Lewis #039;predicts#039; incredible run into NFL record books

Published 12:00 am Monday, September 15, 2003

BALTIMORE - First, Jamal Lewis made the Cleveland Browns furious by saying he would run all over them.

Then, much to the Browns' dismay, he backed up the promise.

Lewis set an NFL record with 295 yards rushing Sunday and scored two touchdowns to lead the Baltimore Ravens to a 33-13 victory.

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Lewis had an 82-yard touchdown run on the second play from scrimmage, added a 63-yarder for a score in the fourth quarter and broke the record with a 3-yard run with 6:55 left.

He shattered the single-game mark held by Corey Dillon of Cincinnati, who ran for 278 yards on Oct. 22, 2000, against Denver.

''The Browns know what kind of back I am, but I don't think they expected a day like this,'' Lewis said. ''But it came.''

On a phone call with Cleveland linebacker Andra Davis earlier in the week, Lewis predicted that he would break Dillon's record if given 30 carries - twice as many as one week earlier in a 34-15 loss to Pittsburgh.

''Andra told me he wanted me to get the ball 30 times. I told him if I get the ball 30 times it's going to be a career day,'' Lewis said. ''I'm not going to say I predicted it. It was lucky.''

Lewis averaged a whopping 9.8 yards on his 30 carries.

''The dude is Nostradamus,'' Cleveland safety Earl Little said. ''He went out there and did his thing, and we didn't do our job. This is the most disgusting feeling I've had in my whole life, but I'll bounce back.''

Little was angered at Lewis' boast - even if the running back did back it up.

''You can't disrespect guys like that,'' Little said.

Lewis would have had a third score and surpassed 300 yards if not for a holding penalty on Marcus Robinson during a 60-yard run in the first half.

''On a day like today, I can't regret anything,'' he said. ''It was beautiful.''

Lewis, who missed the entire 2001 season because of a torn knee ligament, had 100 yards by his second carry Sunday and was at 180 yards by halftime.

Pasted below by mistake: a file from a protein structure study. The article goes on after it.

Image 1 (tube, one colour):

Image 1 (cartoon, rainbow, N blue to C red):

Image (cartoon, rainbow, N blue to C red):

''I was going in at halftime when (Ravens tackle) Jonathan Ogden said, 'Let's go get it. We can get 300 yards,''' Lewis said.

Said Ogden: ''I figured if he broke the record we'd get the win.''

The Ravens (1-1) spoke all week about the importance of using Lewis more, especially because the tailback shredded Cleveland for 187 yards in a game last October.

The Browns knew he was coming, but were powerless against him.

''I couldn't care less about the record,'' Davis said. ''If we would have won the game, he could have had 1,000.''

After the Browns (0-2) cut a 13-point deficit to 16-13, Lewis' 63-yard TD run gave Baltimore a 10-point cushion with 14:49 remaining.

''They didn't get quiet until the end of the fourth quarter,'' Lewis said of the Browns. ''Andra told me, 'I can't say anything else.' He was congratulating me as we was playing. He showed me much respect.''

Matt Stover kicked a field goal with 1:58 left for Baltimore and Ed Reed returned an interception 54 yards for a touchdown on the final play.

Lewis' heroics overshadowed a stout performance by the Baltimore defense, which limited Cleveland to one first down in the first half while taking a 16-3 lead.

Lewis also helped the Ravens overcome another poor showing by rookie quarterback Kyle Boller, who hurt his knee and was replaced by Chris Redman in the third quarter. Boller went 7-for-17 for 78 yards and an interception.

Baltimore's 343 yards rushing was a franchise record, and the most the Browns have ever allowed.

''This could be a wake-up call,'' Cleveland tackle Gerald Warren said. ''The defense has to stay strong, stick together and not let this move us back. We have to block it out and not focus on this game.''